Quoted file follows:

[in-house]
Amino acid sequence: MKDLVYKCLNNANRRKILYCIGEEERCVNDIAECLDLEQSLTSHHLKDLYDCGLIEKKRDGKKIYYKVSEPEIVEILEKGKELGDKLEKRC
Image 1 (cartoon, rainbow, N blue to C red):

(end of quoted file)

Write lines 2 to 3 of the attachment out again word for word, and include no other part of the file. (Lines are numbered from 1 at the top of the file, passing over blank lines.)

Amino acid sequence: MKDLVYKCLNNANRRKILYCIGEEERCVNDIAECLDLEQSLTSHHLKDLYDCGLIEKKRDGKKIYYKVSEPEIVEILEKGKELGDKLEKRC
Image 1 (cartoon, rainbow, N blue to C red):